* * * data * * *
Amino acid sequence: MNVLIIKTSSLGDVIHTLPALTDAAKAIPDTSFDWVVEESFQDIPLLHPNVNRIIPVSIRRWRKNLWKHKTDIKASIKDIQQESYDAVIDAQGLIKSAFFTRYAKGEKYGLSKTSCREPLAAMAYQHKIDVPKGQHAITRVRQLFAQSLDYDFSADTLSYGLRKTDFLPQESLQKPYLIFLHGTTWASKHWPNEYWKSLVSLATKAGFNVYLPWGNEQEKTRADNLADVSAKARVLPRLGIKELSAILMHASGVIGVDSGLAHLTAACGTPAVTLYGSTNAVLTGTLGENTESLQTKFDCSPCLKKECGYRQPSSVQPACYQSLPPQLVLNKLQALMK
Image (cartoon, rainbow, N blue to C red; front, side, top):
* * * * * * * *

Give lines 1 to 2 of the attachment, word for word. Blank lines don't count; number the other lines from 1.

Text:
Amino acid sequence: MNVLIIKTSSLGDVIHTLPALTDAAKAIPDTSFDWVVEESFQDIPLLHPNVNRIIPVSIRRWRKNLWKHKTDIKASIKDIQQESYDAVIDAQGLIKSAFFTRYAKGEKYGLSKTSCREPLAAMAYQHKIDVPKGQHAITRVRQLFAQSLDYDFSADTLSYGLRKTDFLPQESLQKPYLIFLHGTTWASKHWPNEYWKSLVSLATKAGFNVYLPWGNEQEKTRADNLADVSAKARVLPRLGIKELSAILMHASGVIGVDSGLAHLTAACGTPAVTLYGSTNAVLTGTLGENTESLQTKFDCSPCLKKECGYRQPSSVQPACYQSLPPQLVLNKLQALMK
Image (cartoon, rainbow, N blue to C red; front, side, top):